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Almost a third -- 32 percent -- of Jewish college students said they personally experienced anti-Semitism directed at them on campus or by a member of their college community within the last year, according to a new survey from Hillel International and the Anti-Defamation League.

Most commonly, respondents reported personally experiencing offensive comments online (19 percent) or in person (13 percent). One percent of respondents reported experiencing a physical threat, and 1 percent reported experiencing a physical attack.

Additionally, 31 percent of Jewish students reported witnessing anti-Semitic activity on campus that was not directed to them. Most commonly, 18 percent of respondents said they’d witnessed anti-Semitic symbols, logos or posters, with many saying they witnessed swastikas drawn on campus. Some students reported instances of vandalism against Jewish fraternities, sororities or cultural centers.

“Taken together, 43 percent of Jewish college students experienced and/or witnessed antisemitic activity in the last year,” a report on the survey findings says. “We asked them to describe those occurrences and created the following word cloud to highlight their responses. Outside of Jews and Jewish, the most common words in the descriptions of antisemitic experiences include ‘Israel’ ‘Nazi,’ ‘swastikas,’ and ‘jokes.’ Additionally, the prominence of the words ‘online’ and ‘social media’ reinforce the finding that many Jewish students experience antisemitism online.”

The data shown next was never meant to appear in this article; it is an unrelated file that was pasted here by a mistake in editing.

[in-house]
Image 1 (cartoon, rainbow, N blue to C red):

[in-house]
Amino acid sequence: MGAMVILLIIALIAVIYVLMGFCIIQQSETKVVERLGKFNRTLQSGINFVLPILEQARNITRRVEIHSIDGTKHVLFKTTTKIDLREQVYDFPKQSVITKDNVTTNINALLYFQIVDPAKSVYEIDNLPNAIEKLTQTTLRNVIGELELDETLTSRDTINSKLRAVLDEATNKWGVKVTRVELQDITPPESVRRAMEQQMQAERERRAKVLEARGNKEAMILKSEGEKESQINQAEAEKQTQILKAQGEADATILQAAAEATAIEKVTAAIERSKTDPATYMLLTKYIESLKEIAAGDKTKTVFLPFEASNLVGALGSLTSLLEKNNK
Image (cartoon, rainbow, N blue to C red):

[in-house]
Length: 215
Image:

The majority of survey respondents reported feeling safe and welcomed on campus: 70 percent reported feeling safe on campus as a Jewish person, and 67 percent said their campus was welcoming and supportive of Jewish students. However, among students who reported experiencing anti-Semitism, only 51 percent said they felt safe, and 50 percent said their campus was welcoming and supportive.

The online survey was conducted by the survey company College Pulse on behalf of Hillel and the Anti-Defamation League. (College Pulse also works with Inside Higher Ed.) The sample included 756 undergraduate students who identify as Jewish from 220 different four-year colleges across the U.S. and was drawn from College Pulse’s Undergraduate Student Panel, which includes more than 400,000 students from more than 1,000 U.S. colleges.